First, it is far from clear that Hot-Hed’s request for attorneys’ fees “as allowed by law” was not authorized under Texas law. In Horseshoe Bay Resort Sales Co. v. Lake Lyndon B. Johnson Improvement Corp.,10 the Texas Court of Appeals found that a plaintiff could recover attorneys’ fees for common law trademark infringement and dilution under the Texas Declaratory Judgments Act,11 which permits recovery of “reasonable and necessary fees as are equitable and just.”12 The court so held even though the action was brought under the Texas Anti-Dilution Statute rather than the Declaratory Judgments Act.
Here, Hot-Hed did not explicitly seek declaratory relief or cite the Declaratory Judgments Act in its complaint. Based on this lacuna, the district court found that Hot-Hed had not presented a state law statutory basis for attorneys’ fees. To require Hot-Hed expressly to identify a statutory basis for attorneys’ fees in its complaint, however, would conflict with the Texas courts’ liberal treatment of pleadings seeking attorneys’ fees. In Bullock v. Regular Veterans Association of U.S. Post No. 76,13 for example, the defendant appealed the trial court’s award of attorneys’ fees, because the plaintiff had not alleged the statutory authority for such an award. The state appellate court rejected the defendant’s challenge to the award, holding that the “general allegation [seeking attorneys’ fees] has put the [defendant] on notice that [the plaintiff] was seeking attorneys’ fees . . . .”14 The court went on to conclude that the court was authorized to award attorneys’ fees under Section 37.009 of the Declaratory Judgments Act even though no allegation referred to that section.15 There is therefore at least room to doubt that Hot-Hed’s prayer for attorneys’ fees was not authorized under state law.
Even assuming arguendo, however, that Hot-Hed failed properly to allege a basis for attorneys’ fees under state law, such a failure would not require that the claim be read as a request for relief available under federal law. The Lanham Act, relied on by the district court to bootstrap a federal question through a virtually standard plea for attorneys’ fees, permits recovery of reasonable attorneys’ fees in “exceptional cases” only.16 Obviously, Hot-Hed never stated that it was seeking attorneys’ fees under the Lanham Act, as it took care to plead only state law causes of action. Neither did Hot-Hed specifically allege that this case presented the sort of “exceptional” conduct required to warrant attorneys’ fees under the Lanham Act. As multiple courts have clarified, removal of a trademark infringement action is improper “when a plaintiff does not clearly state he is seeking relief under the Lanham Act.”17 It is at least incongruous to hold, as did the district court, that Hot-Hed’s plea for attorneys’ fees “as allowed by law” ? an allegation that fails to identify any statutory basis for attorneys’ fees, either state or federal ? impliedly rests on the Lanham Act, which was not cited, while holding that the plea does not impliedly rest on the Declaratory Judgments Act because Hot-Hed failed to cite it.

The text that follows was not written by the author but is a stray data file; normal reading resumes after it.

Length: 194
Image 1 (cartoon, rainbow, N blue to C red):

As any doubt about the propriety of removal must be resolved in favor of remand, we cannot say that Hot-Hed’s request for “attorneys’ fees as allowed by law” is authorized only by federal law. To decide otherwise under these facts would be the ultimate “gotcha.”
Second, even if we were to determine that Hot-Hed pleaded relief that is available only under federal law, we would hold that such a boiler-plate request for attorneys’ fees “as allowed by law” is insufficient to confer subject-matter jurisdiction on the federal courts. We agree with the Ninth Circuit’s holding in Carter v. Health Net of California, Inc. that “[a] request for attorney’s fees cannot be a basis for federal jurisdiction.”18 A contrary holding would allow the proverbial tail to wag the dog.
Our decision in Medina v. Ramsey Steel Co.,19 relied on by the district court in its holding, does not require an opposite result. In Medina, the plaintiff filed his original complaint in state court in November 1994, alleging discriminatory non-promotion and retaliatory discharge under the Texas Labor Code. The defendant removed the action to federal district court, claiming that it was preempted by the ADEA. The district court remanded the case to the state court in February 1995. There, the case sat idle until May 1999, when it was finally set for trial. At that time ? almost five years after the case had been filed ? the plaintiff amended his complaint to assert a claim for back pay and liquidated damages. The defendant again removed the case to federal court and Medina again moved to remand. The district court denied the motion.20
On appeal, we affirmed the denial of remand, stating: